Wink See how fun this is. You don't have to be a professor to be more intimate or informed on the source material. I think John R. credentials with the Hobbit novel speak for itself. Now as to their ability to review a movie, well Professor or scholar of the Hobbit and its writing is probably irrelevant beyond evaluating how the source material was adapted and even that boils down to personal taste.


Dec 29 2012, 3:36pm

Post #13 of 24 (1667 views)
Flop and Roast [In reply to] Can't Post

It is a pity that this film has caused a rift among the fan base. What is strange is how one side likes to inflate or distort the intended meaning of critics and reviews to fit in their critical mentality. The film has been labelled a flop despite its accruing box office successes and now a well balanced review has been unfairly used as fodder by the detractors. As others have quoted and said this review in no way amounts to a roasting or substational bashing of PJ's the Hobbit. There is a middle ground between positive and negative perspectives and there is no need to create a false dichotomy. The film is simply a flawed but moderately faithful adaptation which captures the innocence and brevity of the Hobbit while aspiring and times meeting the emotional dramatic heights of LOTR. We should all embrace the films shortcomings and it's achievements together as a whole rather than conveniently ignore certain aspects of its character.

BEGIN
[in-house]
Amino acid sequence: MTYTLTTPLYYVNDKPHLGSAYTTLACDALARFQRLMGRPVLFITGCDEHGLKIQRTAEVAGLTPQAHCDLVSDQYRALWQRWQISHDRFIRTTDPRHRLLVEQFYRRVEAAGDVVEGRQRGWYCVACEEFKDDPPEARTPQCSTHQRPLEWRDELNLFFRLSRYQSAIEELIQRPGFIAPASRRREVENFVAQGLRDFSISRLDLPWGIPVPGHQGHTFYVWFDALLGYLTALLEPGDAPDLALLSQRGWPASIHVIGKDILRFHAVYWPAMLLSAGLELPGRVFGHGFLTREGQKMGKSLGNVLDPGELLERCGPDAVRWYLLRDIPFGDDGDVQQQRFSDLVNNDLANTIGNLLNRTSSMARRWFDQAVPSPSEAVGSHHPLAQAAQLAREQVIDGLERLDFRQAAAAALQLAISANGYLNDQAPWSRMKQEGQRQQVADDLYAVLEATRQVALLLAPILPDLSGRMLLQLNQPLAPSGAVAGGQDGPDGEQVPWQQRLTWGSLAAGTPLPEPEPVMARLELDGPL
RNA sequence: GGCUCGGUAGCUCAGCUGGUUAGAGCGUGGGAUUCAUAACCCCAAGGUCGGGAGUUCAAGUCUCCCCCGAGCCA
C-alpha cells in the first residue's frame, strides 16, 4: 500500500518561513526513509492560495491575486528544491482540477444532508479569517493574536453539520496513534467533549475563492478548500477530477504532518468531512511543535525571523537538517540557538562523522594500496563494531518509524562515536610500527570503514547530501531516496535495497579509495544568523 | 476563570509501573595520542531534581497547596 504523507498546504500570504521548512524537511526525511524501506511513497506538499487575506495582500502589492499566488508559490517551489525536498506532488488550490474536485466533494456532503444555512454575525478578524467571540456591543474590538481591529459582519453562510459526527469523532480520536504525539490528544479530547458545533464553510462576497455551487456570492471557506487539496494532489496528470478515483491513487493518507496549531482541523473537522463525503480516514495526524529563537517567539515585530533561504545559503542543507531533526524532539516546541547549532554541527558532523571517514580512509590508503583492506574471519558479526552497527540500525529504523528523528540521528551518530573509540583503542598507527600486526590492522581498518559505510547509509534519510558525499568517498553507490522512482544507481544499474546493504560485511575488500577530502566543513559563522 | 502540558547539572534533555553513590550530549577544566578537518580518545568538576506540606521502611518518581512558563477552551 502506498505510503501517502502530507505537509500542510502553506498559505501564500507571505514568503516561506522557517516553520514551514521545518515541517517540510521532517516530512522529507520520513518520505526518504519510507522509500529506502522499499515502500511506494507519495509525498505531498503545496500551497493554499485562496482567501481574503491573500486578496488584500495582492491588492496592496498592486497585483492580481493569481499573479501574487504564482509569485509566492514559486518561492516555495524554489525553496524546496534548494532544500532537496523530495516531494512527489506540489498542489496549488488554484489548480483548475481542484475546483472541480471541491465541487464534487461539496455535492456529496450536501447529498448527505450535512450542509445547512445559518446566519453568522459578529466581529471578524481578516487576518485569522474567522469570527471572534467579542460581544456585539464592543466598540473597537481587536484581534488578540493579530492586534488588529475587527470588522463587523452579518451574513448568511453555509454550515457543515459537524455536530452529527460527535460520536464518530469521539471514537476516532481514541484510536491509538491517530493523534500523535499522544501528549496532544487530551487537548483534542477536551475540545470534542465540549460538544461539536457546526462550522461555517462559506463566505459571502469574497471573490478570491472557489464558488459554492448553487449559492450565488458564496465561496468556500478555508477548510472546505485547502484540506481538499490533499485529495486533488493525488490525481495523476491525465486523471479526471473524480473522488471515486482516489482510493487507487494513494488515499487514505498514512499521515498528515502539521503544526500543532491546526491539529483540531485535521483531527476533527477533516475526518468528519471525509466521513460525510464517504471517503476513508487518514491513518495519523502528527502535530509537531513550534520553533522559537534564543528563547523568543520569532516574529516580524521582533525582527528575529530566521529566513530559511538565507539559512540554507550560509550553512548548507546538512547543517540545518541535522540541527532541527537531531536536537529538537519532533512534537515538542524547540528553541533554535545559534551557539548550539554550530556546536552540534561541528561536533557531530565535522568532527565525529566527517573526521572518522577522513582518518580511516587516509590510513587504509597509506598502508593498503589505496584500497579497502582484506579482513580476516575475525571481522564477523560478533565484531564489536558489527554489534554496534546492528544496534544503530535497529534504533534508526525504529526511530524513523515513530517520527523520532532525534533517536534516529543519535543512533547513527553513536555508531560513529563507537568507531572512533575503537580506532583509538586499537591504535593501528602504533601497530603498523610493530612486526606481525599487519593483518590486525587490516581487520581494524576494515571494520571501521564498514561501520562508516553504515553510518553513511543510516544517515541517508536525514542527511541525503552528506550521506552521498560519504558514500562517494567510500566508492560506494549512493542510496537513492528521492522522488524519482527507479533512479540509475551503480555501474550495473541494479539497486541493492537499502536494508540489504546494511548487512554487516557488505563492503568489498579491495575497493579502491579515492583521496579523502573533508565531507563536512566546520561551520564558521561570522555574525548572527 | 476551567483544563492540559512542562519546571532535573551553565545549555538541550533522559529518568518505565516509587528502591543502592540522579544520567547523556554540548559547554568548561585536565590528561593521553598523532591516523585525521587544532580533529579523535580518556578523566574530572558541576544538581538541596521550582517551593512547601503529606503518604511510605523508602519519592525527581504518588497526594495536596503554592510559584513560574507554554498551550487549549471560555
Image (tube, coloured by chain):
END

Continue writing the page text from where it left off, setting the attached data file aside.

Tol Eressea

Dec 29 2012, 4:08pm

Post #14 of 24 (1645 views)
Absolutely right - [In reply to] Can't Post

- in response to:

"You don't have to be a professor to be more intimate or informed on the source material. I think John R. credentials with the Hobbit novel speak for itself. "

I was just bein' pedantic. In fact, technically speaking, Drout and Rateliff have equal technical qualifications. as they are both Phds. Drout's title of professor is a job description, really. So was Tolkien's - I have a photocopy of an application form filled out by JRR, in which he states his title as 'Mr. John Ronald Reul Tolkien', and his occupation as 'Merton Professor of English Language and Literature'.

Come to think of it, the word 'Professor' is used differently here in the UK, and in the States. In the UK it applies only to men and women who hold a Chair in a subject; so, Tolkien was holder of the Rawlinson and Bosworth Chair of Anglo-Saxon in the University of Oxford from 1925- 1949. Both Tolkien and C S Lewis were often mistakenly referred to as 'Dr Tolkien', and 'Dr. Lewis', though neither of these gents took a degree higher than a baccalaurate.

But enough digression. Of course one doesn't need to have qualifications in English Literature in order to have an opinion of pJ's movies. I'd be proper stuck if that were ever the case.



Dec 29 2012, 4:27pm

Post #15 of 24 (1631 views)
Is it a question of which? [In reply to] Can't Post

Or can I say both? I think AUJ sticks close to the tone of the book, and sticks to the details of the book very closely.

There isn't much *not* included, it's the stuff that is made up that we all agree is a bit iffy.

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Dec 29 2012, 4:36pm

Post #16 of 24 (1665 views)
geordie, I read that interview when you first posted it... [In reply to] Can't Post

and I wouldn't call it a slam nor give the assertion it was an exclamation point.

Come on, you can be more objective than that.

Then you encourage us to 'go get 'im' when I know you probably agree with him.

You are purposefully trying to stir things up rather than encourage thoughtful, civilized conversation. This is, frankly, disappointing to see.

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Dec 29 2012, 5:15pm

Post #17 of 24 (1614 views)
I agree with nearly everything in his review (positive and negative) . [In reply to] Can't Post

It wasn't a slam on Peter Jackson...


Dec 29 2012, 5:18pm

Post #18 of 24 (1605 views)
Hmmm ... not quite ... [In reply to] Can't Post